Writing a complaint is never fun, but have you ever stopped to consider all the good it might do for the recipient of your feedback? I’ve already mentioned the benefits of constructive feedback in my previous article Are You Ready to Receive Constructive Feedback from Your Boss? but what is there to say about external sources of feedback that might not at first seem palatable?
To give context to this piece: the inspiration came from a complaint I encouraged my son to make after he received poor customer service from a major international airline whilst returning to the UK after visiting the wife and I for the Christmas break. He was initially reluctant to do so, but I managed to talk him around to the idea because he realised what impact his message could potentially have. That’s because, when major corporations set aside the initial sour connotations of receiving less than positive feedback, complaints can become a spotlight for errors otherwise undetected, revealing where innovative steps can and should be made in a business’s functionality. If anything, the fact a customer has taken the time to complain is a blessing because, as Finkelman and Goland argue in their article The Case of the Complaining Customer, ‘For every complaint…there are 20 or more customers who leave quietly and unnoticed and thereby provide the organization with no opportunity to learn from its mistakes’.
Complaints aren’t, however, simply indicators for performance improvement. Responding to complaints in the right way can help maintain rapport with returning customers and ensure a reputation for quality in both product and service which will entice new customers; all of this will build your organisation an indomitable form of brand loyalty. In fact, it is reported for the airline industry that customers who feel they have had they complaint dealt with in a speedy and conscientious manner are ‘Willing to pay almost $20 more for a ticket on that airline in future’.
With all of this in mind, one might start wondering if their organisation is dealing with complaints in the best possible way. I think, from personal experience as well as through my research, the following three concepts are best focused on when incorporating new ideas into complaint resolution practice:
· Professionalism: Whether the complaint is being dealt with in person, via e-mail, via phone or through any other means, it is imperative that staff are operating in the most professional manner. The absolute easiest way to drive off a complaining consumer is to treat them in a less than respectful manner; thus staff need to listen and be attentive at all times: especially in times when the customer may not be as fair in the way that they approach the situation.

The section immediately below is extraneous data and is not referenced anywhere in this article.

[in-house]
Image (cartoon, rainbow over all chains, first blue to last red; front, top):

· Acknowledge the power of the benefit of the doubt: Some businesses assume customers can seem frivolous with their demands when registering their complaints, but can you really put a price on customer loyalty when the problem was with your business function in the first place? One can see examples of good will going a long way too: Absolute Games are said to have graciously dealt with one disgruntled patron by offering ‘Freebies’to rectify a problem and this resulted in the person in question becoming ‘One of [their] most valuable customers, faithfully purchasing every day’.
· Apologise for any failure: More than anything, customers want to be treated like real people rather than figures in the business plan. This requires a company owning up to mistakes as a show of ‘Personal change, not a tool for interpersonal persuasion’and reassuring customers that then can and will do better in the future. Customers should have expectations of action plans to rectify their problems clearly explained to them and also be made aware of what will be done in future to prevent such issues as a means to win back trust in a business’s ability to deliver.
Getting complaint resolution right often takes a lot of time and effort, but mistakes happen in business and you have to be prepared for those times when you need to step in and resolve such issues. Burying your head in the sand will not make problems go away and it should be appreciated when customers do take the time to help you find the best way to improve your service. To this end, I propose it is time to end the negative outlook on complaints: after all, failure is often considered to be the greatest teacher so we should all see complaints as opportunities to do better and make the most of them to build towards the future.
Dan Finkelman and Tony Goland, The Case of the Complaining Customer, Harvard Business Review, (Boston: Harvard Business Publishing 1990).  Wayne Huang, John Mitchell, Carmel Dibner, Andrea Ruttenberg and Audrey Tripp, How Customer Service Can Turn Angry Customers into Loyal Ones, Harvard Business Review, (Boston: Harvard Business Publishing 2018).  No author, Eight Tips For Handling Customer Complaints Effectively, Forbes, (New York: Forbes Media, 2017).  Ibid. Joseph Grenny, What a Real Apology Requires, Harvard Business Review, (Boston: Harvard Business Publishing 1990).